This is another of what I hope will be frequent departures from my usual review of barbecue joints throughout New England and New York. My first love was and always will be the burger, in all its forms.
On High Street in the more walkable than driveable Financial District, posh Radius is the flagship of Michael Schlow's interstate restaurant empire. Its name is derived from the shape of the surprisingly small room. To the left of the entry is a roomy bar with a few comfy chairs and couches. Known primarily as a high end and high priced French restaiurant, Radius has also achieved notoriety (and best of the South Beach Burger Festival honors in 2009) for "The Burger" ($19).
This was a rare solo visit during lunchtime, when I figured ordering a mere burger wouldn't be as awkward as at night. The host, straight out of Central Casting as an English butler, was a bit intimidating, and there were suits and bowties in the dining room. But with plenty of room in the bar, there wasn't any room to be anything less than hospitable; the friendly bartender quickly put me at ease.
A thick, doughy, sturdy-but-not-stiff model similar to (if not identical to) the Back Bay Social Club burger was a nice choice that supplied pliability, flavor, texture and a worthy vessel to soak up the thick burger's juices.
The bartender's description of the burger "cured in olive oil for 24 hours" built great anticipation, but its stated composition (80/20 ground chuck) seemed ordinary in an era when more exotic blends are the norm for a burger at this price point. The thick patty was not lost in a monstrous construction of bun, meat and toppings that was at least 5 inches tall; its volume that may well have exceeded the promised 9 ounces. Ordered medium rare, the beef boasted a pink interior and supplied a steady trickle of pink juices that got absorbed by the trusty bun.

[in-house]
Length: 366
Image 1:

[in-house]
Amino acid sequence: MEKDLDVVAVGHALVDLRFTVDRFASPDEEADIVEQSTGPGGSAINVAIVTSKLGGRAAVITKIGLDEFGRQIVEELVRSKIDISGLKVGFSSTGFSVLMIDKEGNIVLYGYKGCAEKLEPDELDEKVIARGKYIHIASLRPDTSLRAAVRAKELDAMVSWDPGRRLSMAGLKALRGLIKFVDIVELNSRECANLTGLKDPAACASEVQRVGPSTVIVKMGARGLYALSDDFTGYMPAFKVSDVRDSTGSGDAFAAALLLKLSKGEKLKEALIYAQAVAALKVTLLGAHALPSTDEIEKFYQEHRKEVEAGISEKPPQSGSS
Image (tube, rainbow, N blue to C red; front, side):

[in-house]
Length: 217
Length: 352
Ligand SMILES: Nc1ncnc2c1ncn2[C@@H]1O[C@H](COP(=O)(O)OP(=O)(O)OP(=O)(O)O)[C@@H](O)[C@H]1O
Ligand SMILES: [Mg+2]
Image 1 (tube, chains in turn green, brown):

Although juicy and nominally beefy, the patty brought no surface personality and no oomph. I later learned that the burger is grilled, then cooked in an oven, which greatly minimizes the searing and crusting. That olive oil bath did contribute a noticeable gentleness to the bite. but the cost of that delicate interior was a bland, lackluster exterior.
"The Burger" at Radius is probably the most topping-driven of any premium ($15+) burger I've had to date. Usually I'm not a fan of this approach, preferring instead that the beef sing loudest. Yet somehow this worked, which I'm not sure whether to attribute to Schlow's brilliance or my being fooled (I'm guessing a bit of both).
I'm reminded a little of former Red Sox GM Dan Duquette's line about Jose Offerman replacing Mo Vaughn's on-base ability: in this burger, the crisp onion strings bring texture and salt that the beef lacks; the silky horsradish cream (think dressing, and milder than you'd expect) provides the moistness and the funkiness that a more exotic cut would offer. The cheese is nice and gloppy
Served in a mini sauce pan, the fries were a slightly thicker, slightly droopier (though still crispy), slightly greasier version of the classic fast food model, only perked up with an assortment of finely chopped herbs.
The Bottom Line
It's too reliant on toppings for such an expensive burger, but the toppings are of high quality and work well together. Do I love this burger? No, but I like it. I'm just wondering if this burger were designed by a no-name cook instead of chef Michael
Schlow, would I dismiss it? Would it get the accolades it's received? Or
if it were $12 instead of $19, would this burger be lumped in with Bartley's and
RF O'Sullivan's as favorites of the masses? For a burger I don't love, I'm thinking about it a lot, even weeks later. There's no rush, but there's no question I'm having this burger again.
Boston Burger Blog review of "The Burger" at Radius
Burger Sutra review of "The Burger" at Radius
Yelp reviews of Radius
Urbanspoon reviews of Radius